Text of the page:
GRE Planning a Makeover
Competition between the GMAT and Graduate Record Exam (GRE) will surely intensify by 2011, when the graduate school entrance test gets revamped, somewhat longer, and graded on a new scale of 130 to 170, the New York Times reported this past weekend.
The announcement came at the annual meeting on Friday of the Council of Graduate Schools, where the Educational Testing Service, which administers the GRE, called the changes the largest revisions in the history of the test.
The exam will feature revised sections on verbal reasoning, quantitative reasoning and analytical writing, but “The biggest difference is that the prompts the students will receive will be more focused, meaning that our human raters will know unambiguously that the answer was written in response to the question, not memorized,” David G. Payne, who heads the GRE program for ETS, told the Times.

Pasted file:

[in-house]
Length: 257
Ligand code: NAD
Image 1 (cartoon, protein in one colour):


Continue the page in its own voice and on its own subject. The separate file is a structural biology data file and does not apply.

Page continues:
Neill Seltzer, who is in charge of GRE for Princeton Review, said he saw the changes mostly as an marketing effort to compete with the GMAT for admission to business schools. (In 2006, ETS lost the contract for administering the GMAT to Pearson and since then, has launched an aggressive marketing campaign swaying b-schools to accept the GRE as an alternative admissions test.)
Inside Higher Ed is reporting that changes to the exam will not explicitly drive up the GRE’s cost, but ETS is planning a review of pricing next year that could result in an increase before the new version is offered.
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